My latest Locus Magazine column is DRM Broke Its Promise, which recalls the days when digital rights management was pitched to us as a way to enable exciting new markets where we’d all save big by only buying the rights we needed (like the low-cost right to read a book for an hour-long plane ride), but instead (unsurprisingly) everything got more expensive and less capable.
For 40 years, University of Chicago-style market orthodoxy has promised widespread prosperity as a natural consequence of turning everything into unfettered, unregulated, monopolistic businesses. For 40 years, everyone except the paymasters who bankrolled the University of Chicago’s priesthood have gotten poorer.
Today, DRM stands as a perfect example of everything terrible about monopolies, surveillance, and shareholder capitalism.
The established religion of markets once told us that we must abandon the idea of owning things, that this was an old fashioned idea from the world of grubby atoms. In the futuristic digital realm, no one would own things, we would only license them, and thus be relieved of the terrible burden of ownership.
They were telling the truth. We don’t own things anymore. This summer, Microsoft shut down its ebook store, and in so doing, deactivated its DRM servers, rendering every book the company had sold inert, unreadable. To make up for this, Microsoft sent refunds to the customers it could find, but obviously this is a poor replacement for the books themselves. When I was a bookseller in Toronto, nothing that happened would ever result in me breaking into your house to take back the books I’d sold you, and if I did, the fact that I left you a refund wouldn’t have made up for the theft. Not all the books Microsoft is confiscating are even for sale any longer, and some of the people whose books they’re stealing made extensive annotations that will go up in smoke.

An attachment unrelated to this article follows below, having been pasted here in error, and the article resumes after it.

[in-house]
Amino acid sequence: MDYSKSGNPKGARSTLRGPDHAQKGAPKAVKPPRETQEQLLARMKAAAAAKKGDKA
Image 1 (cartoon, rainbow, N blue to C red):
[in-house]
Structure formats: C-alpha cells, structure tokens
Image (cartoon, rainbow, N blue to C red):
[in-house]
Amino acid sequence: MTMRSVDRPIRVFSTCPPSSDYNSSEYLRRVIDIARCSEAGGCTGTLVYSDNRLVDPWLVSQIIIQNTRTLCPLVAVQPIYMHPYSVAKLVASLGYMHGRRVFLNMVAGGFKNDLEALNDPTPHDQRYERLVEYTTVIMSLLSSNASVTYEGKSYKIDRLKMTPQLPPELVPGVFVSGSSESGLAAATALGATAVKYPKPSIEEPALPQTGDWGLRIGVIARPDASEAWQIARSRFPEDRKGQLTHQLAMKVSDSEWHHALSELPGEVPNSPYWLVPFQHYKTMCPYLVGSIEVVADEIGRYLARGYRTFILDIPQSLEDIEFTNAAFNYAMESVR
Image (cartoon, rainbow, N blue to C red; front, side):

What’s more, this isn’t even the first time an electronic bookseller has done this. Walmart announced that it was shutting off its DRM ebooks in 2008 (but stopped after a threat from the FTC). It’s not even the first time Microsoft has done this: in 2004, Microsoft created a line of music players tied to its music store that it called (I’m not making this up) “Plays for Sure.” In 2008, it shut the DRM servers down, and the Plays for Sure titles its customers had bought became Never Plays Ever Again titles.
We gave up on owning things – property now being the exclusive purview of transhuman immortal colony organisms called corporations – and we were promised flexibility and bargains. We got price-gouging and brittleness.
DRM Broke Its Promise [Locus/Cory Doctorow]